Brothers Bryce and Aaron Dessner take a break from recording the latest National album this week to perform a new multimedia work at BAM in collaboration with visual artist Matthew Ritchie. In just over an hour, The Long Count tackles such heady ideas as the beginning of time through myth, songs, and raw orchestral power. We caught up with Bryce Dessner to talk about the origins of this ambitious project, how Kim and Kelley Deal got involved, and what to expect from the new National album.
On the origins of The Long Count:
The idea started with Joe Melillo (the executive producer of BAM) asking my brother and I to create something for their Next Wave Festival. I’ve been a fan for years, and have seen a lot of really amazing productions there. It was pretty daunting at first, the idea of presenting something in the opera house. We’ve played there with our band before; it sounds great, and people love going there. But if you’re going to get up and do something for seventy minutes without singing songs people know, it requires a whole other level of thinking about how to present that.
The idea for The Long Count and working with the Mayan creation myth came from Matthew Ritchie, the visual artist who we’re working with. Matthew loves working with music. He’s a large installation artist and does painting, sculpture, and now video. (Check out Ritchie’s animation for the performance here.)
On the story of The Long Count:
It’s definitely abstract. Matthew has been obsessed with a Mayan creation story about hero twins who play a ball game. They are playing so loudly that they wake up the gods of the underworld, and they’re forced to go down and perform a series of tests. It ends up sort of like a horror story, with a lot of beheadings and ritualistic stuff. Eventually the two brothers become the sun and the moon, and that’s the creation of the universe and the beginning of the Mesoamerican calendar — the long count. A lot of New Age theorists say the end of the world is 2012 because the Mayan calendar ends then.
For my brother and I, the piece is very much about the way we play music together. The music is epic. There’s an orchestra on stage and four singers. It’s a seventy-minute piece straight through without stopping. Within that, there are songs and instrumentals. It verges on really loud, ferocious, and almost goth to sounding really sweet and quiet. It’s a pretty big dynamic range.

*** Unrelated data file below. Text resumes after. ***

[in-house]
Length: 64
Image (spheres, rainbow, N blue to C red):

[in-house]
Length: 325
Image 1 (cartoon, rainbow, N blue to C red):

On getting Kim and Kelley Deal involved:
We met Kim and Kelley Deal doing some fund raising for Obama during the campaign. When we were in high school, we worshiped the Breeders. They come from the same part of Ohio as us. I have these two Breeders cassettes in my car, and had just listened to them when it occurred to me: I should ask them. They might really be into it. It was a shot in the dark, and when they said yes it was really exciting. We knew we wanted it to walk the line between pop music and more experimental instrumental music. [Download the live version of “Bull Run,” with Kelley Deal on vocals]
On his other musical influences:
I have a conservatory background. I studied classical guitar in grad school. My brother didn’t. We’ve been playing music together since we were twelve. He went the way of self-taught and playing in a rock band. When we came to New York, we started the National, and I started Clogs with classically-trained musicians who I met in school. I’ve worked a lot with minimalist and post-minimalist composers. I recently recorded and did a tour with Steve Reich and similar stuff with Philip Glass. That’s certainly informed some of the more notated composed music I do. At the core of it, my brother and I play these interlocking guitar patterns that we explored further for this show. The whole piece has mirroring themes in it that relate back to the twin idea including the fact that there’s actually a massive mirror floor on the stage at BAM in the shape of a baseball diamond.
On what to expect from the new National album:
I’m actually taking a break from recording it right now. We’ve been recording since March, so there has been tons of work done. We have about fifteen songs that are working, and we’re recording about five new ones right now. The Boxer had a restrained darkness about it, and this stuff doesn’t feel like that. Matt Berninger is singing out and jumping up into some octaves that I’ve never heard him sing in, so that’s one thing for sure. All the elements of what we sound like are there, but I would like to think — we always think of it song by song and trying to push ourselves further with our songwriting.
Photo credit: David Kressler